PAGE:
Core rotation will probably be around 50% per year so although I'd prefer the restricted keyway, it's not the end of the world. The critical stuff will be on Medeco and the outside doors will be on proximity anyway.
 
  #6  
Old 12-09-07, 07:56 PM
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Personally, having been in the industry a long time, I really do not like the Best IC core product (Schlage or whomever). It is far too easy too pick/bump/bypass etc.

Everest or Primus or even Medeco can be bumped open easily these days.

I would never NEVER recommend those versions of IC core products. I prefer to recommend Bilock as an IC core product for a multitude of reasons.

1. Keys are guaranteed impossible to duplicate, they can only be made as an original.

2. Quick change core product can be interchanged across a broad range of existing manufacturers products without the need for specialist "IC Core" products. Simply use existing hardware with a Bilock cylinder in almost any brand commercially available (not Kwikset because it's junk).

3. Keys come in multiple colored heads. (9000+ color combinations) Braile heads for the vision impaired

4. Bilock is the only 100% guaranteed bump proof pin tumbler product in the USA.

5. It is virtually impossible to pick Bilock.

6. The realistic cost of Bilock products is significantly cheaper than Medeco or Mul-T-Lock and competitively priced to Everest or Primus.

7. Any client who manages to procure the correct profile blank of Everest or Primus or Medeco, could conceivably take them to any key cutter for duplication or to any locksmith with the ability to code cut those blanks. Bilock can only be created as an original, preventing duplication.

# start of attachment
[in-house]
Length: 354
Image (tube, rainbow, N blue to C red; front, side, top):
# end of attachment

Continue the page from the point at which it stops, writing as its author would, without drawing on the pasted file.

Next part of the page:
8. Having personally picked and bumped Medeco, I am astonished at it's simplicity and the rediculous cost for this product. Americans have been hoodwinked by that company for far too many years. It is no wonder that the product rarely sells in any other country. Schlage products are reasonable quality and the prices seem reasonably fair, but do not compare to Bilock is quality, cost effectiveness or security simplicity.

9. The contractor was probably justified in using cheaper quality locksets with those products as a recommendation. I personally don believe that using the shclage product in place of the cheaper brand would make effective deterrant against door kick ins. If you want to combat the door kick ins, you should look at the Strikemaster II concept. You could use a cheap lockset on a good door with the Strikemaster II and prevent kick ins almost completely.
 
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Old 12-10-07, 12:09 AM
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Originally Posted by GlobalLocky View Post

Everest or Primus or even Medeco can be bumped open easily these days.

I would never NEVER recommend those versions of IC core products. I prefer to recommend Bilock as an IC core product for a multitude of reasons...


8. Having personally picked and bumped Medeco, I am astonished at it's simplicity and the rediculous cost for this product. Americans have been hoodwinked by that company for far too many years. ...

9. The contractor was probably justified in using cheaper quality locksets with those products as a recommendation. I personally don believe that using the shclage product in place of the cheaper brand would make effective deterrant against door kick ins. If you want to combat the door kick ins, you should look at the Strikemaster II concept. You could use a cheap lockset on a good door with the Strikemaster II and prevent kick ins almost completely.
That's interesting. I thought at least that Grade 1 locks would provide some additional protection against bumping. I have requested local dealer info from Bilock.

8. Thanks for mentioning that. I spent quite a bit of time looking at the Medeco literature last week while I was waiting at the locksmith shop. It's easy for me to see how they could get away with it; who's challenging it in the mainstream?